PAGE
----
We had only 4 tracks on the MC-4 so we put vocals and effects onto tape (first 4track, then 8track) and for mixdown we would sync the MC-4 to tape. So we had the tape tracks plus the additional analog live tracks on the mixing desk. We also had only one compressor and very limited EQ so everything went into the mix quite roughly.
It was difficult to mix as we had no automation. Sometimes I had to wait 2 or 3 minutes into the mix to do some manual tasks at a certain time in the song and I fell asleep at the desk before that moment came…
9) Are you planning to release more music in the near future as Schaltkreis Wassermann? Have you other unreleased tracks produced in the past?
I have a lot of old fragments and sketches that just wait to be remixed. Sometimes we would just improvise in the studio and keep the tape running, so there’s a lot of material.
When Janis re-released PSYCHOTRON in 2012 we talked about making and releasing new Schaltkreis music, made with the same old instruments that I still have. Only the Prophet V seems beyond repair but who knows, maybe I’ll get it going again, too. I have spent a lot of time to make my old setup work again, and I’ve made it. So now I have all the tools again.
I composed a lot of new Schaltkreis music in the last years (2 or 3 albums worth) but I found it quite difficult to define a convincing contemporary sound concept. I don’t just want to recreate what we did in the 80ies, it’s impossible, too, because Stella sadly died five years ago. But I’m getting closer to it, currently I’m preparing a new Schaltkreis live set that will premiere in April in Switzerland. I use a playback of old songs (slightly prepared and altered) and new songs, playing along with the new Boss SY-300 git synth, a vocoder and some other instruments.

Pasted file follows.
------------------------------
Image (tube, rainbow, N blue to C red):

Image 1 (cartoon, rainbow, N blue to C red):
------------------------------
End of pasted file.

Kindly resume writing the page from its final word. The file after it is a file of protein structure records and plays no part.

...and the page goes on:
One has to bear in mind that in the last ten years I had worked mostly in the fields of psyTrance and psyChill, and I have two successful live acts in these styles. So it’s not so easy to add another quite different style to my mindset in the studio. I think Schaltkreis will have to fuse the old synths with the new plugin technologies and keep the spirit of psychedelics and experimentation alive.
From 2008 to 2010 Stella and I did a couple of live gigs with new Schaltkreis material, some of them triumphantly successful. But Stella didn’t really like the material I had composed for this, she alway said „This isn’t really Schaltkreis“. She didn’t like my electric guitar work which was painful for me because I love to play guitar and it’s the instrument I can express myself most fluently, especially in a live situation. So this is another album waiting to be released, it’s one hour of music and I made synced visuals for the whole show.
10) How you imagined electronic music of 3rd millennium when started to produce at the end of 70s?
We didn’t really think about that in the 80ies, we were so enthusiastic about all the sonic possibilities of tripping with analog synths…